90 jobs at stake
WITH at least 90 local jobs at stake, United Airlines will shut down its contact center, outsource the cargo division and reduce airport operations employees on Guam; but a company spokesman debunked speculations that the territory will be demoted to a sub hub.
Koji Nagata, UA director for Asia/Pacific Communications, said the current collective bargaining agreement accommodates displacement rights and other options for employees who will be affected by the streamlining initiatives.
“It is difficult to determine at this time how many positions will be eliminated,” Nagata said in an email to Variety.
Nagata said the Guam Contact Center currently has 48 employees, while the cargo department has 42, including agents, management and clerical employees.
“Although we will be closing our contact center, the city ticket office will remain open and we are working to determine the right mix of full-time and part-time employees that will be needed to staff that facility,” Nagata said. “As to the cargo vendor, we will choose a vendor once we have evaluated all proposals.”
The company-wide outsourcing plan – which was protested by UA employees in Houston, Texas last month – is part of the cost-cutting measures that the carrier has been adopting since the merger between United and Continental went into effect last year.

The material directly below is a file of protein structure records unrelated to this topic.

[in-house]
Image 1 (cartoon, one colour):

Quoting an anonymous letter sender, the Guam Blog wrote yesterday that a former United executive, “started outsourcing things as simple as wheelchairs for passengers and is escalating to larger and larger contracts.”
A local union representative for UA declined to comment yesterday.
Despite the workforce reduction, Nagata said “Guam will continue to be one of 10 worldwide hubs for United.”
He said the streamlining plan “was part of company-wide initiatives to increase efficiency and achieve sustained profitability.”
In its second quarter financial report released in July, the world’s largest carrier reported a 37 percent decline in its earnings from a year ago, resulting from the one-time integration costs and sluggish sales growth.
United posted a net income of $339 million compared to $538 million a year earlier. Operating expenses climbed by 4 percent, mostly due to a 5.6 percent increase in fuel expenses.
In the transcript of the earnings conference call in July, Jeffery A. Smisek, UA chief executive officer and president, said the carrier’s second quarter performance declined on metrics such as on-time arrival, mishandled bag rates, and cancellations.
“We recognize that we added new stress to the system by simultaneously converting to a single passenger service system, implementing hundreds of new processes and procedures, rerouting aircraft across our network and harmonizing our maintenance programs,” Smisek said in the transcript posted on the UA website. “Those changes were in large part responsible for the degradation in our operational performance.”